Worldwide Battle Rifle

The Heckler & Koch G3 rifle remains a central player…

The Heckler & Koch G3 rifle remains a central player in world military events half a century after Spain and Germany first issued this type of rifle. Part of the explanation for the G3’s longevity is the care taken in its development.

In 1942 Wilhelm Stähle, a Mauser-Werke employee, began experiments to modify the roller-locked breech of the new MG42 machine gun to reduce its weight for use as an assault rifle. Stähle eliminated the MG 42’s recoiling barrel in favor of a gas piston acting on twin rollers to open the breech. In 1944-45, engineers at Mauser-Werke modified Stähle’s design, eliminating the separate piston to simplify its manufacture, because Germany’s logistical situation was becoming desperate.

In this mechanism, expanding powder gases forced the empty cartridge case rearward, causing it to push a locking piece into the rollers, in essence using the just-fired case as a piston before ejecting it. The components were so arranged that as the bolt mechanism returned to battery, the firing pin could reach the primer of the chambered cartridge only if the rollers were in the correct position, ensuring that the breech was solidly locked at the instant of firing. With the elimination of the gas piston, the system uses a form of delayed blowback rather than a true locked breech, thus the designation Gerät 06(H), H for “halbverriegelt” or “half locked.” The Nazi army weapons office judged it unsafe with a rifle cartridge. Despite official skepticism, Mauser-Werke persisted and eventually built 30 prototypes. Designated StG45(M) in early 1945, these chambered the 7.92x33mm cartridge of the notorious MP44 “Sturmgewehr,” Germany’s seminal assault rifle.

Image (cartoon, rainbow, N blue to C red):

At 8.2 pounds the StG45(M) was more than three pounds lighter than the MP44 and used less strategic material in its construction. Though the design vindicated Mauser-Werke, the lengthy development process meant that World War II ended before the Germans could mass-produce this promising new weapon. A team headed by Ludwig Vorgrimmler continued to refine the mechanism under French supervision at Mauser-Werke until the French government, under pressure from the other Allies, halted operations at Mauser-Werke in 1946. Shifting operations to the CEAM (Centre d’Etudes et d’Armament de Mulhouse) factory in Mulhouse, France, Vorgrimmler and assistant Theodor Löffler developed three prototypes from 1946 to 1949 for the .30 Carbine, 7.92x33mm and 7.65x35mm cartridges.

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